General Electric has powered up this year.

The onetime market dud has soared more than 40% in 2019, on pace for its first positive year in three and tracking for its best annual gain in two decades. It had spent the previous two years in free fall with investors unconvinced its turnaround efforts were gaining traction.

It still needs to clear another hurdle as it heads into its earnings report Wednesday, according to one technician.

“It’s too early to call it a bullish long-term turnaround,” said Katie Stockton, founder of Fairlead Strategies, Tuesday on CNBC’s “Trading Nation. ” “There’s been a loss of long-term downside momentum relative to 2017 and 2018 but it’s really fallen short of breaking out and solidifying that bullish reversal.”

Despite its strong gains this year, the stock remains in a bear market having fallen more than 20% from a 52-week high last October. It is still 82% below its record set in 2000.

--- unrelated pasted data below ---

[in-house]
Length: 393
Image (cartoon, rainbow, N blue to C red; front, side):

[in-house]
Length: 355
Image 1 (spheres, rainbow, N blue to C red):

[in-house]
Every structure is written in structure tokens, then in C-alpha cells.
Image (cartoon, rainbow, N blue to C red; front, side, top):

“The resistance level that I’m watching is about $10.70 so a breakout that’s confirmed, meaning you spend a couple of weeks above that level, would really solidify a turnaround for GE in my eyes which has really just been range-bound and somewhat neutral in terms of momentum,” said Stockton.

A move to $10.70 is roughly a 2% gain from current levels. It last touched that level a week ago before retreating.

“On the downside, I’m watching minor support around $9.75. I’d like to see that level remain intact at least to preserve the neutral bias of the chart but we really need that breakout to get excited about it,” said Stockton.

Nancy Tengler, chief investment strategist at Butcher Joseph Asset Management, also needs to see the fundamentals improve before she’s willing to believe in the GE rebound.

“The market has given the company and the stock price the benefit of the doubt on the turnaround … but from here we need to see sustainable earnings and free cash flow growth,” Tengler said in the same “Trading Nation” segment.

Adjusted earnings are expected to fall by around 33% in its June-ended quarter, according to FactSet. In the same quarter a year earlier, earnings declined by a sharper 44%.

“Long term the only way you can look at this company is sum of the parts. There’s no meaningful dividend to give you any indication of what management thinks long-term sustainable earnings power is i.e., raising the dividend from here so I’m on the sidelines,” said Tengler.